Multimode optical receivers increasingly deployed for space-to-ground laser communication links
Discovery Semiconductors reports its 10 Gb/s multimode optical receivers increasingly are being used for space-to-ground laser communication links by Tesat Spacecom.
Image: Balanced optical receivers from Discovery Semincondutors are an integral part of the optical system test bed for laser communication terminals. Courtesy Tesat Spacecom.
Discovery Semiconductors (Ewing, NJ) reports that its multimode optical receivers operating at up to 10 Gb/s are being increasingly used for space-to-ground laser communication links by Tesat Spacecom (Backnang, Germany) as well as by the European Space Agency (ESA).
"Using a multimode optical receiver in conjunction with a self-referencing differential phase shift keying (DPSK) interferometer allows for the collection of photons up to 36 times more than that of a single mode fiber," says Zoran Sodnik, ESA’s Head of Opto-Electronics Section. "The low noise, multimode optical receivers are intended to be used at a data rate of 1.8 Gb/s for ESA’s Geostationary to Ground Station laser communication links.”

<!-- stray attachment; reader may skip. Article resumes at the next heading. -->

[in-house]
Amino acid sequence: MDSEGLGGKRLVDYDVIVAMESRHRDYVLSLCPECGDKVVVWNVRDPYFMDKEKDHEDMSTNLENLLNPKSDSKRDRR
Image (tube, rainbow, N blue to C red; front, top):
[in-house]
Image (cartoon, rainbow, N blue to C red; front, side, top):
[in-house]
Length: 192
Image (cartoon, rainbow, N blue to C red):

Tesat Spacecom uses the balanced optical receivers as reference devices in their system test bed for laser communication terminals (LCTs). The LCTs are working at 1064 nm with a 1.8 Gb/s coherent binary phase-shift keying (BPSK) communication system, and the balanced receivers provide a low noise, high bandwidth standard.
According to Frank Heine, Tesat Spacecom’s Chief Scientist and Head of LCT Laser System Engineering, “The receivers are used in Tesat’s Transportable Optical Ground Station (T-AOGS), which is currently located in Teneriffe, Spain. The first high-speed laser communication with a geostationary spacecraft [Alphasat] was recently achieved there.”
“We have been working with Tesat and ESA for 12 years on multiple space-related projects and are honored to be part of their team,” commented Abhay Joshi, President and CEO of Discovery Semiconductors.
Source: Discovery Semiconductors
Image. Tesat T-AOGS at the astronomical site in Teneriffe, Spain. Courtesy Tesat Spacecom.